Alan Harnum

Public Libraries and Public Realm Data: Initial Thoughts on the Toronto Region Board of Trade's BiblioTech Report

A Note on the Origins of this Post

I originally started this post a few days after the BiblioTech report came out (January 16), then got pulled away from finishing it up fully by other matters. Since then, the Quayside story has seen some quite significant shifts and new developments, brought on by the Toronto Star’s story about the full scope of Sidewalk’s plans, based on leaked internal documents.

I’m publishing the post now as a record of my thoughts at the time; my rawer response to the Toronto Star’s story is captured in these tweets from mid-February when the story broke. If anything, the concerns I expressed in the post are even more sharply felt based on the more recent stories.

Disclaimers and Disclosures (short version)

I worked for TPL for ten years, have been a critic some of their technology decisions in the past since leaving (and during my employment there, if we’re being honest), and my current employer (the Inclusive Design Research Centre at OCAD University) did some consulting work funded by Sidewalk that I had minor involvement in. a more fulsome explanation of my personal stakes here are in this section of the post.

The BiblioTech Report

The Toronto Region Board of Trade (TRBOT - incidentally I must give them compliments for owning the bot.com domain) released a report on January 9th. A quote from the press release gives the essential summary:

Today, the Toronto Region Board of Trade (the Board) released a report entitled BiblioTech, recommending that policymakers assign oversight and development of public realm data policy to the Toronto Public Library. The proposal is in response to the debate over public realm data management at Waterfront’s Quayside project. BiblioTech also recommends improved data privacy enforcement, and the creation of a city-led policy for intellectual property commercialization. The Library was selected because it is a longstanding public institution with broad respect in the technology community for its balanced approach to data policy and information management.

The full BiblioTech report is a short read at seventeen pages, so I’d start there before reading my initial thoughts. This is an important issue for Toronto right now because of the Quayside project, but data governance generally is an emerging public policy and public technology concern; I appreciate the issues the report is trying to grapple with, though I don’t agree with its remedies.

To not dance round the point, I don’t support its central remedy of appointing Toronto Public Library to have oversight and development of public realm data policy in Toronto, either in the specific case of the Quayside project, or the more general question of what institutions are suitable to oversee this.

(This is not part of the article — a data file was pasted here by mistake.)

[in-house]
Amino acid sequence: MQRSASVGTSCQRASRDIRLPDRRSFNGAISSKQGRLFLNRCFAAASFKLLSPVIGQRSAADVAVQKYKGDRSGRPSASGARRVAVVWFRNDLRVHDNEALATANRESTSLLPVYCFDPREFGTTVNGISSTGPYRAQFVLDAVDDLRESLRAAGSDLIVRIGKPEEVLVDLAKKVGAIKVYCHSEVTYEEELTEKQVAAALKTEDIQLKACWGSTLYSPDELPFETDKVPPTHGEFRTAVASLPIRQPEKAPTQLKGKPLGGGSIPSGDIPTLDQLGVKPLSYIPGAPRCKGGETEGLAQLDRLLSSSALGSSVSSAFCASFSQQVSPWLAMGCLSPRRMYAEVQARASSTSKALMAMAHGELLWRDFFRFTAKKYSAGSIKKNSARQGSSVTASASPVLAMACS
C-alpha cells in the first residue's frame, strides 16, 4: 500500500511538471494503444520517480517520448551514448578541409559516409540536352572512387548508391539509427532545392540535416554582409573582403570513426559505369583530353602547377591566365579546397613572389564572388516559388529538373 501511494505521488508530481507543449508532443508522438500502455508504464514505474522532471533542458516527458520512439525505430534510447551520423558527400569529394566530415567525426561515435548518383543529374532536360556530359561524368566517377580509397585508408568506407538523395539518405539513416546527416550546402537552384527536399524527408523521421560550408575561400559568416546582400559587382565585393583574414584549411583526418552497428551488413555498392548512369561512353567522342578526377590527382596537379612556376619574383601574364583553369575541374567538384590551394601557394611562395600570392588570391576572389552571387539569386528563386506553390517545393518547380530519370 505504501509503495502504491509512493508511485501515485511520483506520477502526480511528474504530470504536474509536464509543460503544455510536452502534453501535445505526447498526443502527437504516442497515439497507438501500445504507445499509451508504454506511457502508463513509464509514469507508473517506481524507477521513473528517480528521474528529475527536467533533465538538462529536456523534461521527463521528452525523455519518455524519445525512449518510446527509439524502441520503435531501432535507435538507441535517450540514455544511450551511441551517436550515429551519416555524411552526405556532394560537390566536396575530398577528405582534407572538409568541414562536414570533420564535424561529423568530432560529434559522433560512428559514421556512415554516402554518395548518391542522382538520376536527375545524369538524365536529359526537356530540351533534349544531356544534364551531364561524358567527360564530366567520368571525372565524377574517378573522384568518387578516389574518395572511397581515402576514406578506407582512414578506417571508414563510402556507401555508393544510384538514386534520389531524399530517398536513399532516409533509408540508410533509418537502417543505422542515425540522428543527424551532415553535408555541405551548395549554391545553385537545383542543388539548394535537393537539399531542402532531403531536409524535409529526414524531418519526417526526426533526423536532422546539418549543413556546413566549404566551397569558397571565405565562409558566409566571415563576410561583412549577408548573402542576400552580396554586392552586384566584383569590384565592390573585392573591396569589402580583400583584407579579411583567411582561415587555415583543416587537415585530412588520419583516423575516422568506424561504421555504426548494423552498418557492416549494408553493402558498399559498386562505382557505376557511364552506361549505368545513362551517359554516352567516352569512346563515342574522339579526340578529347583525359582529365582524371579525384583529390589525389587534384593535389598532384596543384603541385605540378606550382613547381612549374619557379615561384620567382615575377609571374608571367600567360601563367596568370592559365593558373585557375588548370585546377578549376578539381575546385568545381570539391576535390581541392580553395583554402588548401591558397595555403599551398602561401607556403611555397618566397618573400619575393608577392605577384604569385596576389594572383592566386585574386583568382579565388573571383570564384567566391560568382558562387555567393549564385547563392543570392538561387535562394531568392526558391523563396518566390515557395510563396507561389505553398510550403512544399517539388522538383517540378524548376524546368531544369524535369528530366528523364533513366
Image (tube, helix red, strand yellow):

What Is Public Realm Data? What is a Data Trust?

One of the report’s authors, Brian F. Kelcey, has been actively and helpfully engaged on Twitter about the contents of the report. His definition of public realm data, from a longer exchange we had, is the following:

data collected by sensors/cameras in public places in which there is no opportunity for explicit (or in some cases, even implied) consent for collection

Further exploration around this topic are found in the Sidewalk Labs post, An Update on Data Governance for Sidewalk Toronto, which proposes an “independent Civic Data Trust”. This is one potential form for a proposed entity to oversee public realm data (there are others possible).

So: my understanding of the TRBOT report’s main proposal is that Toronto Public Library, funded by Waterfront Toronto, would take on primary responsibility for the policy development and public consultation on the eventual form of the entity responsible for oversight of public realm data. The TRBOT report uses the term data hub here “as a neutral term to describe the final entity, keeping in mind that the Sidewalk-proposed Civic Data Trust is just one option for this project” (p. 8)

Enforcement of the usage of that public realm data would be under the oversight of the Information and Privacy Commissioner of Ontario, with enhanced enforcement powers. (p. 10)

TRBOT specifically identifies two potential options for the final form of the data hub (p. 8):

What Am I Actually Disagreeing With? (for now)

My immediate response was to the question of whether or not Toronto Public Library should have control over data collected from Quayside in the repository / access control / data management sense, which seemed to be the thrust of the press headlines in response to the report:

This is a position I’d argue against at length - I don’t think TPL has the suitable expertise, capacity, or insulation from political pressure to take on this role. To be fair to TPL, I don’t think public libraries have this generally.